Jason Palmer – The Concert, 12 Musings for Isabella
(Giant Step Arts. 2 CDs. Review by Sebastian Scotney)
Boston’s Isabella Stewart Gardner Museum is, understandably but sadly, closed today. This happens to be the thirtieth anniversary of an art heist on 18 March 1990 which still stands, according to the museum’s website, as “the single largest property theft in the world”. In the early hours of the morning of that day, two thieves posing as police officers overpowered the guards and got away with thirteen major works, including a more or less priceless Vermeer. Because of a quirk in Isabella Stewart Gardner’s will, the museum has been obliged to display empty frames ever since. Trumpeter Jason Palmer has recorded a project about it “that is near and dear to me”. The two-disc set is released today, in commemoration of the anniversary.
Palmer remembers moving from North Carolina to Boston in 1997 to attend New England Conservatory, and going to a concert at the museum. The empty frames left an impression on him, and he found he was fascinated to explore the pictures that were no longer there. “After taking in the beauty of the works,” he says, “I decided to commission myself to write a piece inspired by each of those works.”
The ‘twelve musings’ are each inspired by one of the thirteen looted works, with the two sheets of pencil drawings by Degas, ‘Studies for an Artistic Soiree’, taken as one. For this recording, Palmer is among equals, in the company of stellar players: Mark Turner (tenor sax), Joel Ross (vibes), Edward Perez (bass) and Kendrick Scott (drums). The album was recorded live, and the whole project has been supported by the Jimmy Katz’s Giant Step Arts Foundation, and they had the good fortune to be invited by the InterContinental New York Barclay to make the recording in the luxurious Harold S. Vanderbilt Penthouse of the hotel, which opened in 1926.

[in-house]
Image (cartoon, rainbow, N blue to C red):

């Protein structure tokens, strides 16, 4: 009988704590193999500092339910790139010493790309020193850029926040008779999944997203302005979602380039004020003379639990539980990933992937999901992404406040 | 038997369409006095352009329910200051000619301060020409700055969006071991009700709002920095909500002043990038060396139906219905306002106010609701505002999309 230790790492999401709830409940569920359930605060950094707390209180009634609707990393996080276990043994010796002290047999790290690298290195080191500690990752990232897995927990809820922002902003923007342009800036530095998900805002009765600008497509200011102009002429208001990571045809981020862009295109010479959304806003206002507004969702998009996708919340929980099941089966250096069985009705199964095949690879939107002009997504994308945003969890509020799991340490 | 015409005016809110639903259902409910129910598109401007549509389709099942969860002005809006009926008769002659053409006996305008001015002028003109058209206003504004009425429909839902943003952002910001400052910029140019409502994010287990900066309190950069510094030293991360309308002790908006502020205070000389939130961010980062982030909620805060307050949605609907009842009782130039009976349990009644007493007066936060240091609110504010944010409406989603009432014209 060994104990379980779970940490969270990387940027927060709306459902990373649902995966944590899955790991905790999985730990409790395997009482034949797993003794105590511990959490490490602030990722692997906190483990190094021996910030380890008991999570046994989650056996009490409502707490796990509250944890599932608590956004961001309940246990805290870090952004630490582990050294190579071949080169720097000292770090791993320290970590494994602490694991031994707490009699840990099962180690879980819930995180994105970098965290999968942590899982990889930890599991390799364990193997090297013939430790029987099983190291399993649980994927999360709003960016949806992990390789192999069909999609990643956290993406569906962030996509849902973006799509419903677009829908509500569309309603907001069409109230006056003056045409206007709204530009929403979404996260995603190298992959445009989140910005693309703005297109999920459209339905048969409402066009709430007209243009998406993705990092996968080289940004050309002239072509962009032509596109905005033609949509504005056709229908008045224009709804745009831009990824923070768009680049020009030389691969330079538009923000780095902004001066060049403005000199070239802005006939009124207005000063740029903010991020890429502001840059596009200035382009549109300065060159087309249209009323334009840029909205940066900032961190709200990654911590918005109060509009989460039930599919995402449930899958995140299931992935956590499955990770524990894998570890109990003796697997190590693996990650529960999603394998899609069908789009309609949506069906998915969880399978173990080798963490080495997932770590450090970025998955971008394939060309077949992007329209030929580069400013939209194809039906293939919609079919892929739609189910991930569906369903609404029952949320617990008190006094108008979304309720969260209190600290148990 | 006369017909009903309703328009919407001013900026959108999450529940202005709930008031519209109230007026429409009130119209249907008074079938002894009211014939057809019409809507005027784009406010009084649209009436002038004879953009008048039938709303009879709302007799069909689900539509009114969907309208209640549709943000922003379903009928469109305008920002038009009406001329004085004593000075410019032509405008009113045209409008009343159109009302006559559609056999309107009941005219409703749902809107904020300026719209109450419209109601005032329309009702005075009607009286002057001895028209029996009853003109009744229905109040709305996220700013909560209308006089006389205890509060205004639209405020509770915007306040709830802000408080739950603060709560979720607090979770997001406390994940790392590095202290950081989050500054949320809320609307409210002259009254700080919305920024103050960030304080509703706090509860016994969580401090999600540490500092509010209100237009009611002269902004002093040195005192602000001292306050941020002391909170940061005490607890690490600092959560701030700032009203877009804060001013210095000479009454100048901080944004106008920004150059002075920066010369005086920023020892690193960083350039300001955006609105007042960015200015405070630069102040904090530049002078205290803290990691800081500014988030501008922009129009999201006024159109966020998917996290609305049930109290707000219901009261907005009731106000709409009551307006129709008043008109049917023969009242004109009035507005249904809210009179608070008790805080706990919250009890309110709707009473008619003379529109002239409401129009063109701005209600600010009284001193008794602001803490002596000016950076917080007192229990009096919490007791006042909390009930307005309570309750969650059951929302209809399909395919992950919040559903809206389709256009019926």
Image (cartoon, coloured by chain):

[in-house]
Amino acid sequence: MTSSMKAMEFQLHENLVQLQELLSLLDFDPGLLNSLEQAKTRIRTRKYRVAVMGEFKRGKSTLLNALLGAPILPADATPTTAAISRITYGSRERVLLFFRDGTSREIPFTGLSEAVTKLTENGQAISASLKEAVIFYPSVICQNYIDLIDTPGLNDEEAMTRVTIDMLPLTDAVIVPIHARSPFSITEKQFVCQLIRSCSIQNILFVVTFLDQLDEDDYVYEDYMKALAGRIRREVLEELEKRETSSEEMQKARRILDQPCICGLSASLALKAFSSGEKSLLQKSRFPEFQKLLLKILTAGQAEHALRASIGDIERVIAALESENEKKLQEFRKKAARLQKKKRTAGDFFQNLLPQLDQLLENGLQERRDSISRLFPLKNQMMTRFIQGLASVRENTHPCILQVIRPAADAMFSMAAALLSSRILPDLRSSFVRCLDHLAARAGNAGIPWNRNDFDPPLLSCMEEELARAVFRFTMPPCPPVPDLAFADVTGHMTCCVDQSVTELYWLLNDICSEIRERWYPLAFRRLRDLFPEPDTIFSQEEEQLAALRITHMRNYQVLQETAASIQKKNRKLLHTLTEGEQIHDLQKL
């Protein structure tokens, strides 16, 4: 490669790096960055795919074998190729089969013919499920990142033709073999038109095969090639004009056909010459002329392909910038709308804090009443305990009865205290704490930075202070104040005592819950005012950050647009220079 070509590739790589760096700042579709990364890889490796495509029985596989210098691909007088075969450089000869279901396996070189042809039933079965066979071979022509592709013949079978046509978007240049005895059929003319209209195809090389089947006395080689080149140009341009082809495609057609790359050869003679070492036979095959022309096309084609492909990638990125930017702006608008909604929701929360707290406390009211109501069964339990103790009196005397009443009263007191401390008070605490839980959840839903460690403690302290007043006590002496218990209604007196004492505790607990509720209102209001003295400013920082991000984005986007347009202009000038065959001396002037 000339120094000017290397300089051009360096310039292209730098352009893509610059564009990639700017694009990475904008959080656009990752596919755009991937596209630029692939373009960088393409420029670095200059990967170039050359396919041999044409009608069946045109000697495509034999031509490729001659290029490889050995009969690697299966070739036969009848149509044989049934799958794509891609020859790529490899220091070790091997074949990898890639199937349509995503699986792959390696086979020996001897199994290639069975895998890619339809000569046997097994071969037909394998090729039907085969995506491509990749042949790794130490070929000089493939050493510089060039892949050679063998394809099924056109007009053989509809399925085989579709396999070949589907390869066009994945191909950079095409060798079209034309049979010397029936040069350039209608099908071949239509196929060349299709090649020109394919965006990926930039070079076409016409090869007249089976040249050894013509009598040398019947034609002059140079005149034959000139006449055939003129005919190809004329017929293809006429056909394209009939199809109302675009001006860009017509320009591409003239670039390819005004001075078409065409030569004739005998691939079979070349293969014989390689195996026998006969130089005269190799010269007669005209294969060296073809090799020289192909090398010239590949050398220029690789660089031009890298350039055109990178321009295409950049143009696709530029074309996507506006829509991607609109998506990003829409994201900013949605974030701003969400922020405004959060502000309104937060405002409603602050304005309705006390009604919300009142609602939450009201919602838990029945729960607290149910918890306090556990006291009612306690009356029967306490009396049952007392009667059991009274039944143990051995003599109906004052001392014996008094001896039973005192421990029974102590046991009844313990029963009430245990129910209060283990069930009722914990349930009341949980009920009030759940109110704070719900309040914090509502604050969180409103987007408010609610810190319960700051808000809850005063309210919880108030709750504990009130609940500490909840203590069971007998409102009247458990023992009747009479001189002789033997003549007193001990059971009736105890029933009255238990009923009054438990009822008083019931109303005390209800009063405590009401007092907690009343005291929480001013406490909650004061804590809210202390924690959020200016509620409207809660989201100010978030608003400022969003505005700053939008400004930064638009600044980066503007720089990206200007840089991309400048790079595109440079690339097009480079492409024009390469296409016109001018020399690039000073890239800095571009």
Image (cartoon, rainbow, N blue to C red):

The twelve compositions add up to a programme which is not much short of two and a half hours, with just one of the tracks coming in under eight minutes; and there are only unobtrusive reminders that it is a live recording with occasional ripples of applause.
Jason Palmer has provided detailed and thoughtful notes for every track. The (musical) writing can often be dense, intricate, challenging. I would say that the tracks which yield up their secrets most readily are tunes like Cortege aux Environs, remembering a Degas drawing, and in which Palmer and his cohort gently and spaciously conjure up the light texture of Degas’ pencil and sepia wash on paper.
Palmer has intriguingly described his composition Program for an Artistic Soiree (Degas) as “danceable and sleuthy”. I love the confidence and the angularity of Palmer’s and Turner’s opening salvoes, as a duet, on this track. There is also a strong bass solo with a highly memorable energy and fluency.
Palmer and Turner are ideal foils for each other and combine with infallible ensemble playing and flawless tuning. Joel Ross, on the vibes as the harmony instrument, brings a wonderful lightness to the texture. In his solo exploits, he has an impressive way of circling around a particular fixed idea, as if he is putting a section of a picture under a microscope.
This is a totally different world from the simpler, heart-on-sleeve candour and the easier approachability of Jason Palmer’s very recent and beautiful tribute to Anita Baker issued just a few months ago, entitled Sweet Love.
12 Musings for Isabella is a major piece of work and I certainly have the feeling I will want to go back (perhaps in less stressful times) to dig deeper and to explore more.
Categories: CD review